“We took the meeting space that we had, and then we designed the conference around that space,” Driftmier said, “with the goal of maximizing the number of attendees and providing them with the experience where they could network with each other.” CSAC programming took place almost entirely in the Penn Stater's Presidents Hall, a 10,650-square-foot ballroom that was divided into four sections — three set in round tables to accommodate attendees, a stage, and space for press in the back of the room, and the fourth set aside for 25 exhibitors who ranged from national advocacy groups like the KidSafe Foundation and MaleSurvior to Penn State organizations such as One Heart, a coalition of students against the sexual abuse of children. “We did everything in [the ballroom],” Driftmier said. “Everything from the meetings, the keynote lectures, to feeding people lunch. … We had to do our buffet lines actually in the hallway outside these four rooms, as well as our coffee service.”

With the space procured, Staley — who had never planned a conference before — and MacKenzie then set out to decide on the scope of CSAC and whom they were trying to reach. “I think the fact that we were hearing all this misinformation [about sexual abuse],” Staley said, “in the community and from Penn Staters, that it rapidly became very clear that we wanted to reach a lay audience — that we did not just want it to be an academic/ research audience. … The misinformation was very much among our neighbors, our friends, the local and regional media.”

To promote the conference and attract attendees, the Justice Center sent out a number of mass-market emails “to very specific constituencies,” Staley said. “A whole bunch of university constituencies [and] to everybody we could think of that was child-related, from churches to schools.” Penn State also hired public-relations firm Edelman — which has offices across the country and is experienced in managing controversial issues for large institutions such as colleges and universities — to help promote the conference.

Their efforts paid off: CSAC sold out just three weeks after registration opened. Between the limited event space and the sensitive nature of the topic, attendees would be carefully contained in one area of the hotel. Penn State had staff members on hand checking credentials — participant, media, and staff — of anyone who tried to gain access to the hallway where the meeting rooms were located.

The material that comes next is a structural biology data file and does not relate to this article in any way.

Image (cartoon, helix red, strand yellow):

‘The Heart Of Someone’

From the outset, the organizers knew that they wanted CSAC to be a research-based conference with substantive content. The plan was to focus on the epidemiology of child sexual abuse, how it affects young children and adolescents, and treatment and prevention — almost a 101-style lesson on the topic. “We really wanted it to be based in research,” Staley said, “because that draws from Penn State's strengths — we are a top-notch research institution.” But as a researcher herself, she knew that it was important to find speakers who could translate their evidence-based work into terms that would be accessible and understandable to the lay audience, which included members of the Penn State community. “I believe, as a therapist and a researcher, that change comes from increasing people's knowledge — increasing their awareness that there is a problem and how prevalent it is — and then engaging their hearts so that they feel the need and the understanding and the motivation to change.”

There would be experts such as Lucy Berliner, MSW, director of the Harborview Center for Sexual Assault and Traumatic Stress in Seattle, and David Finkelhor, Ph.D., director of the Crimes Against Children Research Center at the University of New Hampshire, who would help draw practitioners in the field, including professionals working in education, human services, law enforcement, medicine, and mental health. But organizers also needed to find speakers with broader appeal. “You want to have the heart of someone telling you their personal story and how it impacted them,” Staley said. Organizers took a look at a number of survivors of child sexual abuse who had some celebrity behind them, and settled on boxing legend Sugar Ray Leonard, who revealed in his 2011 autobiography that he